posted on Aug, 17 2009 @ 07:25 PM
Frank Schaeffer Editorial
Can the left learn to keep its mouth shut once in a while? Does the American left know how to win wars or just skirmishes? Does the left want
change or does it demand perfection? You can't have both in this life.
No one has been a tougher critic of the Republican Party, the Religious Right and various wing nuts out to destroy the Obama presidency than me. Few
ordinary Americans (that I know of) have taken more heat (and hate) for their support of the President than me either. Former right wing religious
right leaders like me are never forgiven for joining the reality-based community!
Believe me, with my old "friends" on the right I don't need more enemies! (Just check out Fox News smearing of me last week with insanely
out-of-context clips on the O'Reilly Factor lifted and edited from Maddow interviewing me.) So I'm hesitant to knock the left. I guess I don't like
the idea of all sides pissed off with me at once. But in the light of how and why the debate over health care is being dominated by the loony right
maybe the left is partly to blame for the stalemate on health care reform.
Last week the New York Times noted a lack of enthusiasm on the part of Obama's former foot soldiers when it comes to rising to the occasion and
pouring on the support for health care reform. ("Health Debate Fails to Ignite Obama's Grass Roots," August 15.) Why the lack of enthusiasm?
It's because the left has made the classic mistake of going for a whole loaf and therefore risking getting nothing. The left has proved itself as
impatient as the right and just as shortsighted, given that the lefty sniping at the Obama administration started almost from day one. And now after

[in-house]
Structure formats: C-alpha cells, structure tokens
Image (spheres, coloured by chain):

barely six months in office the people who worked so hard to get him elected have seemingly lost their enthusiasm for another fight on behalf of
I encourage you to read the whole op-ed.
Although I usually lean left politically, I think Frank Schaeffer's opinion piece is on target. I know I run the risk of being called an
"Obamabot" by both the left and the right (or at least I would be if the new T&C weren't in place).
Obama doesn't live up to my wildest dreams in a lot of departments, but I believe he is the best we've got now and that's a whole lot better than
what we could have. He is probably the best we'll ever have again if we on the left don't get behind him and support him when he is trying his best
to make some changes in this country. No, they won't be the changes many of us would ideally dream of, but they are still changes in a positive
direction, incremental as they might be.
Presidents cannot wave a magic wand and make every dream they have come true. They do not rule by royal decree. They have to work with Congress, big
and small business, the military-industrial complex, etc. and ultimately the American people in order to achieve just a fraction of the programs they
really want. That's the reality of American politics.
True, he disappoints some of us who would like him to be further left; but it's been a long time since any liberal-leaning politician (I don't count
Clinton as a real liberal) has had any real power in this country at all. We have a golden chance to really make a difference, if we stop quibbling
over his shortcomings and work behind the few reforms that can really be made in his brief (maybe one) term as president.
[edit on 17-8-2009 by Sestias]